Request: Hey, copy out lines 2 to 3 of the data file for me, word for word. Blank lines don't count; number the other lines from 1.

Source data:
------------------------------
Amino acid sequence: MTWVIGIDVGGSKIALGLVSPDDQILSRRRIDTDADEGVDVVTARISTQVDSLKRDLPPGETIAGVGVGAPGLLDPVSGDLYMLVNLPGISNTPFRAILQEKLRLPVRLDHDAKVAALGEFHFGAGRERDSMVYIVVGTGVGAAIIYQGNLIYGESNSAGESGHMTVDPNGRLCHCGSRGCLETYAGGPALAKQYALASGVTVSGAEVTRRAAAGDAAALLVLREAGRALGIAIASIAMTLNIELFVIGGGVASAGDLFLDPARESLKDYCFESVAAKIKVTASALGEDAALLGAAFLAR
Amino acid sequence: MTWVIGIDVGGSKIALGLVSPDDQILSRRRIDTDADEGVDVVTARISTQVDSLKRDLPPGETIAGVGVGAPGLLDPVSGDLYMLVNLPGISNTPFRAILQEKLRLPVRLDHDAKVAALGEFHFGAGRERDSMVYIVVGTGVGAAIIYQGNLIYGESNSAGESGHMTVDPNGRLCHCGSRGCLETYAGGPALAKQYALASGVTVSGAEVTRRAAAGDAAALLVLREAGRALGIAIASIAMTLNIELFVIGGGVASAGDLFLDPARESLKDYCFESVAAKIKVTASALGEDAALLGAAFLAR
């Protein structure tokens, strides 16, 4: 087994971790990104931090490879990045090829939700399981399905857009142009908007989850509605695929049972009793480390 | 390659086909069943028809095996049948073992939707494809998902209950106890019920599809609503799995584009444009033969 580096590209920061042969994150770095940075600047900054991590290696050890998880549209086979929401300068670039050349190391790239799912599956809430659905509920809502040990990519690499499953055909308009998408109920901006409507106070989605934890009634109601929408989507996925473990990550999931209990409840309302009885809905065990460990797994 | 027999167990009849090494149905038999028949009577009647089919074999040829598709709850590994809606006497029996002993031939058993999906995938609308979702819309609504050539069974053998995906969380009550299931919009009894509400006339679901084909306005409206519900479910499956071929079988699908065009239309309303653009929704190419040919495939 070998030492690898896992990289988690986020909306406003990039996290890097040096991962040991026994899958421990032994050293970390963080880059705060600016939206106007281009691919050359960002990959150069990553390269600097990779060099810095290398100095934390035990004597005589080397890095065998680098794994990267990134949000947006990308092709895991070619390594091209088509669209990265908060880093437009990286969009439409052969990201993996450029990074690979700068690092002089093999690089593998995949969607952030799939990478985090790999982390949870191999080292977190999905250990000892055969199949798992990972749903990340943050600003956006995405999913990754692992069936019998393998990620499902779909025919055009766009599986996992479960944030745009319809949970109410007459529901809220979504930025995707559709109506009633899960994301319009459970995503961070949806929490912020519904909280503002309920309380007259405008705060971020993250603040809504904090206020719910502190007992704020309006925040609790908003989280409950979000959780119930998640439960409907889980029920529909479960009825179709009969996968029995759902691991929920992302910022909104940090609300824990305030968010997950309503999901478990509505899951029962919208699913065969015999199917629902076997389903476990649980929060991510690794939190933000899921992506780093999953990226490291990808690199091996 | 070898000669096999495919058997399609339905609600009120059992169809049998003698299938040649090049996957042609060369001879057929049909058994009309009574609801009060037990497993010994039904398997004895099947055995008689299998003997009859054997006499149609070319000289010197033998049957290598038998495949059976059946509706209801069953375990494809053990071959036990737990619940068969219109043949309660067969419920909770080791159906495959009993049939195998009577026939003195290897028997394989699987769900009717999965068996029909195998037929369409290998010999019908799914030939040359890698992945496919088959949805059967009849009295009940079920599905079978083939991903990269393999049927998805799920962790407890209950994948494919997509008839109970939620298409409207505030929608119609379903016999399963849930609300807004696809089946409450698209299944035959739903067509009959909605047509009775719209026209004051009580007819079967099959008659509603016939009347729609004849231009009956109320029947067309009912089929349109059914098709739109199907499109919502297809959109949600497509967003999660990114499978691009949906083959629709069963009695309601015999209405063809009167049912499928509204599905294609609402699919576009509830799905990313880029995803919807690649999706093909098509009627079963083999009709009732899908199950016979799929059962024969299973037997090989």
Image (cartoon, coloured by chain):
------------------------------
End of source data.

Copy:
Amino acid sequence: MTWVIGIDVGGSKIALGLVSPDDQILSRRRIDTDADEGVDVVTARISTQVDSLKRDLPPGETIAGVGVGAPGLLDPVSGDLYMLVNLPGISNTPFRAILQEKLRLPVRLDHDAKVAALGEFHFGAGRERDSMVYIVVGTGVGAAIIYQGNLIYGESNSAGESGHMTVDPNGRLCHCGSRGCLETYAGGPALAKQYALASGVTVSGAEVTRRAAAGDAAALLVLREAGRALGIAIASIAMTLNIELFVIGGGVASAGDLFLDPARESLKDYCFESVAAKIKVTASALGEDAALLGAAFLAR
């Protein structure tokens, strides 16, 4: 087994971790990104931090490879990045090829939700399981399905857009142009908007989850509605695929049972009793480390 | 390659086909069943028809095996049948073992939707494809998902209950106890019920599809609503799995584009444009033969 580096590209920061042969994150770095940075600047900054991590290696050890998880549209086979929401300068670039050349190391790239799912599956809430659905509920809502040990990519690499499953055909308009998408109920901006409507106070989605934890009634109601929408989507996925473990990550999931209990409840309302009885809905065990460990797994 | 027999167990009849090494149905038999028949009577009647089919074999040829598709709850590994809606006497029996002993031939058993999906995938609308979702819309609504050539069974053998995906969380009550299931919009009894509400006339679901084909306005409206519900479910499956071929079988699908065009239309309303653009929704190419040919495939 070998030492690898896992990289988690986020909306406003990039996290890097040096991962040991026994899958421990032994050293970390963080880059705060600016939206106007281009691919050359960002990959150069990553390269600097990779060099810095290398100095934390035990004597005589080397890095065998680098794994990267990134949000947006990308092709895991070619390594091209088509669209990265908060880093437009990286969009439409052969990201993996450029990074690979700068690092002089093999690089593998995949969607952030799939990478985090790999982390949870191999080292977190999905250990000892055969199949798992990972749903990340943050600003956006995405999913990754692992069936019998393998990620499902779909025919055009766009599986996992479960944030745009319809949970109410007459529901809220979504930025995707559709109506009633899960994301319009459970995503961070949806929490912020519904909280503002309920309380007259405008705060971020993250603040809504904090206020719910502190007992704020309006925040609790908003989280409950979000959780119930998640439960409907889980029920529909479960009825179709009969996968029995759902691991929920992302910022909104940090609300824990305030968010997950309503999901478990509505899951029962919208699913065969015999199917629902076997389903476990649980929060991510690794939190933000899921992506780093999953990226490291990808690199091996 | 070898000669096999495919058997399609339905609600009120059992169809049998003698299938040649090049996957042609060369001879057929049909058994009309009574609801009060037990497993010994039904398997004895099947055995008689299998003997009859054997006499149609070319000289010197033998049957290598038998495949059976059946509706209801069953375990494809053990071959036990737990619940068969219109043949309660067969419920909770080791159906495959009993049939195998009577026939003195290897028997394989699987769900009717999965068996029909195998037929369409290998010999019908799914030939040359890698992945496919088959949805059967009849009295009940079920599905079978083939991903990269393999049927998805799920962790407890209950994948494919997509008839109970939620298409409207505030929608119609379903016999399963849930609300807004696809089946409450698209299944035959739903067509009959909605047509009775719209026209004051009580007819079967099959008659509603016939009347729609004849231009009956109320029947067309009912089929349109059914098709739109199907499109919502297809959109949600497509967003999660990114499978691009949906083959629709069963009695309601015999209405063809009167049912499928509204599905294609609402699919576009509830799905990313880029995803919807690649999706093909098509009627079963083999009709009732899908199950016979799929059962024969299973037997090989």